Some of the following statements about the creation of magnetic fields are true, while others aren’t true. Depending on the type of field, magnetism can be either attractive or repulsive. So it’s possible to create an up-and-down magnetic field or a sideways one. A magnetic field can also be created by electrically charged particles traveling in a circular path around a current loop. This creates an electrostatic dipole – an entity with a region that has opposite electric charges on either side of the axis passing through it, such as an orbiting electron and proton in hydrogen gas which have their charges separated by just under 10 billionth (10e?) of a centimeter.
Magnetic fields can be created outside a vacuum, which is not so easily accomplished. In 1820 [[John Blackmore|John Blackmore]] and [[James Maxwell|Sir James Clerk Maxwell]] both independently discovered that if electric charges are placed near one another in a strong magnetic field, the electric forces will deflect those nearby charges as well. In the first part of this process, which was discovered by [[Johann Joachim Becher|Johann Becher]], it was found that these deflected charges curve around the magnetic field line in a helical manner. The part of the field line that is deflected is called a magnetic dipole. These fields can be either “up” or “down”. A negative deflection of charges in a magnetic field, such as in a laboratory compass, creates an electric current so that there appears to be an electromotive force (EMF).
A magnetic field can be created with electric charge by placing looped wires in the Earth’s magnetic field. In this way, operators can create strong magnetic fields by simply connecting some wires and shorting them out at the end to pull down on the charges. Because these charged particles are moving in a circular path around the wire ends, they will create a dipole and thus a magnetic field, just like other magnets. This was discovered by [Carl Friedrich Gauss, Samuel Winstanley and Peter Tscherning] in the 1820s.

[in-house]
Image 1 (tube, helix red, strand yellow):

In addition, it is also possible to create current loops that are inside a magnetic field that doesn’t contain any electric charges. As mentioned above, this could be accomplished by placing electrically charged particles in closed circuits. However, this would not necessarily create a dipole because of the lack of an electric current loop within one side of the magnetic field line. For example, electrons can be confined along a wire in the Earth’s magnetic field without producing “north” or “south” poles at its ends.
Another magnetic field can be generated by using a current loop with the wire ends placed in a fluid. The magnetic field is so weak, however, that it is called “magnetic dipole” and not “magneto-dipole”. This is an electrodynamic or electrostatic dipole, like the electric dipoles of the atom are in molecule chemistry. It was discovered by [[George Francis FitzGerald]] in 1852.
Lastly, one can make a very weak magnetism in a vacuum by placing metal filings on either side of an electromagnet of sufficient size. This is similar to the effect of iron filings near a magnet. It was a useful demonstration with which [[Michael Faraday|Michael Faraday]] would often end his public lectures.
The “magnetic field” is a region surrounding an electric current-carrying wire, with magnetic force lines (also called “flux lines”) emerging from it. Current-carrying wires are found in electric motors and generators, transformers, and electromagnets. Although most textbooks work with a simplified model of a “straight wire,” in fact, the real world has nothing straight. The field of a wire actually resolves to space curves called [[Maxwell’s Equations|Maxwell’s magnetic field]], and the wires are always curved. Remarkably, however, although they are usually not straight, all the lines are in closed curves.